Within commuting distance of Boston, Portland and Portsmouth, seals swim among eelgrass, and humpback whales chase schools of sand lace. Young lobsters and silver minnows dart through the sea, and in the ocean’s depths, corals coexist with otherworldly creatures like basket stars and anemones. This is the Gulf of Maine, a body of water more biologically productive than almost any other place in Earth’s oceans.
But the Gulf of Maine isn’t just important to wildlife. Millions of people rely on the Gulf’s resources as well. Fishermen have plied the waters for its riches of cod, haddock and flounder for centuries. And its seas and shores provide ports of commerce, protection from storms, and a beautiful natural world for sailing, swimming and beachcombing.
Today, the Gulf is showing signs of distress. Many of its historic fish populations have been depleted. Critical coastal habitats have been developed or degraded by pollution. Storm surges are stronger and sea levels on the rise.
But it’s not too late to reverse the damage. The Conservancy is integrating data related to oceanography, biology, chemistry and even social sciences to identify threats to conservation targets in the region and establish a baseline that will help us develop conservation strategies tailored to the Gulf. This broad range of projects includes the following strategies:
In working to restore the Gulf, we must find ways to avail ourselves of the vast pool of knowledge of local resource users—not only because they have valuable information and experience, but also because our success is wholly dependent on their involvement. No one has a greater incentive for protecting this resource than fishermen. And no one has a greater stake in the outcome of these efforts.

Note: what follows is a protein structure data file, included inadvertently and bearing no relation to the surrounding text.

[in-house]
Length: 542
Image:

Under the Gulf of Maine Permit Banking Program, the Conservancy will work with partners to buy groundfish permits and make them available to fishermen to perform research on sustainable fishing practices, as well as on the current distribution of groundfish species. The results of the research will be promoted among the scientific and fishing communities and to the various governmental agencies that regulate Gulf fisheries. In the long term, the Conservancy may expand this program in partnership with coastal communities, to further scientific understanding of the Gulf and to support increased adoption of sustainable practices.
Sea level rise due to climate change could move the Gulf of Maine’s shoreline hundreds of meters inland, stranding coastal habitats between the open ocean and seawalls built to protect homes, roads and other manmade structures. In places like New Hampshire’s Great Bay, we are working with partners to obtain and analyze high resolution maps of seacoasts and estuaries so we can identify the coastal lands that are most vulnerable today and protect the land that will become tomorrow’s marshes.
The same rivers used by alewife, shad, salmon and sturgeon bring essential freshwater flows to the Gulf of Maine. But many of these rivers and streams have been blocked and degraded. In watersheds throughout Massachusetts, New Hampshire and Maine, the Conservancy is working with partners to restore migratory fish habitats by removing dams and installing fishways. And in the country’s most ambitious river restoration project, we are restoring access to more than 1,000 river miles of Maine’s Penobscot River watershed, while minimizing the loss of generating power.
Along the Gulf’s coast, shellfish beds, salt marshes, eelgrass beds and coastal creeks provide nurseries for fish, feeding ground for shorebirds and a more stable shoreline. For humans, this habitat buffers the flow of pollution coming from land to sea and protects inland areas against storms and erosion. The Conservancy is repairing damage in areas like Wellfleet Bay where we are launching Massachusetts’ first-ever oyster reef restoration project.
As our marine program grows, we will continue to look for innovative ways to adapt the market-based approaches we've used successfully on land. For instance, we'll evaluate how tools like easements and lease agreements can be used to restore degraded coastal habitats and protect particularly vulnerable areas. We will also explore new ways to achieve better conservation by increasing our proprietary interest in selected fisheries. And as we explore alternative approaches to fisheries management, we will continue an open dialogue with fishermen. While we pursue all of these strategies, we'll also delve deeper into exploring the effects of climate change on our oceans and coast.
Through all of these efforts, we hope to create solutions in the Gulf of Maine that are smart, sustainable and beneficial to both nature and people.